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After he had done this under compulsion they exposed to him their intentions as to Freiburg. The peasant proving recalcitrant, even to the extent of expressing horror at the proposal, the three drew their knives upon him, and would have murdered him when the sound of horses was heard on the high road close by, and, struck with panic, they let him go and hid themselves in the recesses of the wood. The peasant, of course, revealed all to his confessor the same evening, and wanted to know whether the oath he had taken under compulsion was binding on him.

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The priest put himself at once in communication [Pg 72] with the Imperial Commissary of Freiburg, who made the City Corporation acquainted with the facts. Two other traitors a few days after came to the assistance of the authorities, and revealed many important secrets. Count Philip of Baden, their over-lord, to whom these disclosures were made, was not long in placing them at the disposal of the Corporation of Freiburg and of the Austrian Government at Ensisheim.

Late the following night, October 4, messengers were sent in all directions to warn the authorities of the neighbouring villages and towns to prepare themselves for the outbreak of the conspiracy. Double watches were placed at the gates of Freiburg and on all the towers of the walls. The guilds were called together, and their members instructed to wake each other up immediately on the sound of the storm-bell, when they were all to meet in the cathedral close. The moment that these preparations were known at Lehen, a meeting was called together on the Hardmatte at vespers; but in the absence of Joss Fritz, and, as ill-luck would have it, in that also of one or two of the best organisers who were away on business of the [Pg 73] league, divided counsels prevailed.

In the very midst of all this, two hundred citizens of Freiburg armed to the teeth appeared in Lehen, seized Hans Enderlin and his son, as also Elsa, the woman with whom Joss had been living, besides other leading men of the movement. Panic now reigned amongst all concerned. Well nigh every one took to flight, most of them succeeding in crossing the frontier to Switzerland.

The news of the collapse of the movement apparently reached Joss before he arrived in Lehen, as there is no evidence of his having returned there. Many of the conspirators met together in Basel, amongst them being Joss Fritz with his banner. But they were fallen upon on the way, and two were made prisoners, the rest, among them Joss, escaping.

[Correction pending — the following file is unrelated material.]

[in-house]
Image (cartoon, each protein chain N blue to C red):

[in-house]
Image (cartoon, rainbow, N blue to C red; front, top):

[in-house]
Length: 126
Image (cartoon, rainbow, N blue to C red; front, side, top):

Those of the conspirators who were taken prisoners behaved heroically; not the most severe tortures could induce them to reveal anything of importance. As a consequence, comparatively few of those compromised fell victims to the vengeance of their noble and clerical enemies.

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In Elsass they were not so fortunate as in Baden, many persons being executed on suspicion. Joss's mistress was liberated after three weeks, and she was suspected of having harboured him at different times afterwards. The last distinct traces of him are to be found in the Black Forest ten years later, during the great rising; but they are slight, and merely indicate his having taken a part in this movement.

Thus this interesting personality disappears from human ken. Did the energetic and enthusiastic peasant leader fall a victim to noble vengeance in , or did he withdraw from public life to a tranquil old age in some obscure village of Southern Germany? These are questions which we shall now, it is probable, never be able to answer. At the same time that the foregoing events were taking place there was a considerable ferment in Switzerland.

Increase of luxury was beginning to tell there also. The simple cloth or sheepskin of the old Eidgenosse was now frequently replaced, in the towns especially, by French and Italian dresses, by doublets of scarlet silk, by ostrich feathers, and even by [Pg 75] cloth of gold. In the cities domestic architecture began to take on the sumptuousness of the Renaissance style. The coquettish alliance with Louis XI. Gambling for high stakes became the fashionable amusement in town and country alike. The story of Hans Waldmann, although belonging to a period some years earlier than that of this history, illustrates a decline from the primitive simplicity of the ancient Switzer, a decline which had become infinitely more accentuated and general at the time of which we treat.

All this led, of course, to harder conditions for the peasants, which, in the summer of , issued in several minor revolts. In some cases, notably in that of the peasants of Canton Bern, the issue was favourable to the insurgents. It is supposed to have had some connection with the Bundschuh movement at Lehen; but it took the name of "The Poor Conrad".

He had already made debts to the extent of a million gulden. The towns, no less than the peasantry, were indignant at the rapacity and insolence of the minions of this potentate. First, an income-tax was imposed without the concurrence of the estates, which should have been consulted. Next, an impost was laid on the daily consumption of meal and wine.